Divi Carina Bay Beach**: Ample parking and beach facilities. Nice beach with poolside/beachside restaurant. Pool is for hotel guests only. The service here is known to be slow.
Chenay Bay Resort**: On East End Road, across from Cheeseburgers in Paradise. Popular spot for families.
Tamarind Reef Resort*: Adjacent to Green Key Marina east of Christiansted. Deep End Bar has beachside lunch. Snorkeling is said to be good here.
Beaches to the north of Frederiksted are best. Drive out of town with the sea on your left. There are several beach restaurants that have reasonable lunch menus and beach facilities. They include Rainbow Beach Club and Sunset Grille*.
Sandcastles on the Beach: South of Frederiksted, Small boutique hotel with beach. Beachside restaurant/bar is very popular with good mix of entertainment in the evening. Jazz every Saturday night. Make reservations.
Sandy Point: Said to be the nicest beach on St. Croix. Open only on weekends. Recommended only for groups due to its remoteness.
North Shore: Carambola Beach Hotel*. Very nice hotel and beach. Access to water is somewhat limited to far end due to coral and rocks directly in front of restaurant area. Worth exploring, nevertheless.
Cane Bay Beach: Famous beach known for its swim-out “wall” diving. Beach is directly on the North Shore road which makes it somewhat unappealing to some but other guests consider it to be their favorite. It is also a narrow beach with coral ledges along the water’s edge. You can check it out as you drive along the north shore. There are a number of small “islandy” beachside restaurants along this section of the north shore for a burger or local fish.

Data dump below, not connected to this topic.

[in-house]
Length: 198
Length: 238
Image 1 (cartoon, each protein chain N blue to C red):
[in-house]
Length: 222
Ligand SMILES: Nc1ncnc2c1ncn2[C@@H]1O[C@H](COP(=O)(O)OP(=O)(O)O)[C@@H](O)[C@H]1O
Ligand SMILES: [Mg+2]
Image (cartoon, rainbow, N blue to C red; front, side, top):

Hotel on the Cay Beach** is good for snorkeling with calm waters for kids and beachside restaurant with strong drinks for adults. Take launch from Christiansted wharf near fort for a $3 charge per person. There is a separate charge for beach chairs.
West of Christiansted:
There are a number of beaches at the various condominium and small hotel complexes along this stretch. They include Club St. Croix (Breezez Restaurant)*, Sugar Beach and Mill Harbor.
Closer to Judith’s Fancy are Hibiscus Beach and the Cormorant Hotel. The latter still has vestiges of its previously all-gay clientele but is under new ownership and is welcoming of all. These beaches are both pretty and next to one another but have been known very rarely to have “rip” currents when seas are stormy. I would not stay away for this reason, but I feel it should be mentioned. The water is very pretty here and the snorkeling is good.
There are a number of long sandy beaches mid-island along the south shore. They are isolated, accessed by long dirt roads and I would not be inclined to go there other than in a group.(Those marked with asterisk tend to be more family-oriented with easier access.)